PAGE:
A dirty word for a messy world
This blog is for people living in a messy world (those were the opening words on the original faithroots site. I’m now reproducing those original articles). The evidence of the mess is all around us. I grew up towards the end of the Cold War and remember the day that the Berlin Wall came down. We were promised that this would usher in a new era with a peace dividend. One writer even claimed that we were seeing the end of history. We seem to be a long way from that day now. 9/11 shattered those hopes so that we now live once again under a shadow of war and terrorism.
I also remember listening to Bible talks as a child where a quaint illustration was used about the boy who redeemed his property from the pawn shop. It was quaint because back then, you would need someone to explain to you what a pawn shop was. These places where you could hand in your possessions as security against a loan had long since disappeared from our high streets most people had a reasonably secure standard of living, whether through paid employment or the support of the Welfare State. Today, walking through our local shopping street, it seems that every other shop is a pawn shop or offers to buy your jewellery or will provide you with a pay day loan. The shadow of debt hangs over many lives. Our church participates in a food bank service and each week we meet a steady stream of people whose lives are messy and full of hurt.
But it’s not just something out there. The mess is something that starts at home and seeps out from it. I spend a lot of my time talking with people whose personal and family lives are messy, chaotic and painful. There’s abuse, marital breakdown, loneliness, self-harm, addiction, guilt and shame. Most of us, if we are honest, will want to admit that we cause mess; that we inflict pain. We lash out at those who love us, we let down those who trust us, and we hurt those who help us. Indeed, we often hurt the very people we want to love.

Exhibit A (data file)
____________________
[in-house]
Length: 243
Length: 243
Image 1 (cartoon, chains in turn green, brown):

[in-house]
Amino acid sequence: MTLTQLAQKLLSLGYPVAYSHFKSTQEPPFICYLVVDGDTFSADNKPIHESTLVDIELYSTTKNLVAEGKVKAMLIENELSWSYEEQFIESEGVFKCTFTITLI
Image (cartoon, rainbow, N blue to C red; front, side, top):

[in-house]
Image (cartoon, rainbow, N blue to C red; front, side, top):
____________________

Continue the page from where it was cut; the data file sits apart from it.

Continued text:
The response to this mess has been a plethora of advice. The world is awash with self – help manuals and DVDs. Whisper it quietly, but you sometimes wouldn’t be able to distinguish a Christian self – help book from a secular one.
I want to suggest a different solution and it’s a surprising one. It’s going to involve something that has become a dirty word amongst Christians: “doctrine”. You see, the root of our mess starts with a question of truth and that’s what doctrine is all about: how we separate truth from lies.
In my study are lots of books. There are plenty of slim, glossy paperbacks offering practical solutions for living in a messy world and then there are the big heavy hardback books – the doctrine or theology books. In our minds, that’s the distinction: practical, easy to read, useful and interesting versus dull, heavy (literally and metaphorical), difficult to read doctrine. The practical paperbacks are easy to come by. You can walk into any Christian bookshop and buy a copy; we have a church library with shelves crammed with recycled copies of such books. The big heavy doctrine books take a bit more searching out through Amazon or a Theological College’s Library. That sends out a message – doctrine is for an elite group of people, professional theologians and nerdy introverts. This is a big mistake to make. If doctrine is simply about helping us to know the truth and avoid error, then it is useful, practical, interesting and relevant for all.
How belief shapes our lives